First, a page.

I'm using STAINED GLASS WORK, A TEXT-BOOK FOR STUDENTS AND WORKERS IN GLASS. BY C. W. WHALL, 1914 as a textbook in my Stained Glass classes at Bryn Athyn College. In the glossary on page 371 I came across the following entry:
"Groseing, the biting away the edge of the glass with pliers to make it fit. With regard to this word and to the term "calm," I have never found any one who could give a reason for the name or an authority as to its spelling, the various spellings [Pg 371]suggested for the latter word including Karm, Calm, Carm, Kaim, and even Qualm! But while writing this book I in lucky hour consulted the treatise of Theophilus, and was delighted to find both words. The term he applies to the leads is "Calamus" (a reed), while his term for what we should call pliers is "Grosarium ferrum" (groseing iron). So that this question is set at rest for ever. Glaziers must henceforth accept the classic spellings "Calm" and "Groseing," and one may suppose they will be proud to learn that these everyday terms of their craft have been in use for 900 years, and are older than Westminster Abbey."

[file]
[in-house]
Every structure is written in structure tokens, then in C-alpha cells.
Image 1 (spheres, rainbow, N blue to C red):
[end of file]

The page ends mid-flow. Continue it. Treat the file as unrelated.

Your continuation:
I confess I didn't know this and as awkward as it sounds I will try to start using lead calms rather than lead cames!
Ken, I'd say you were not wrong, but that the spelling has evolved and, today, came is what we call it, not calm. But when we see that in old texts, we know what they're talking about. And Whall's book is fantastic. Best, Mary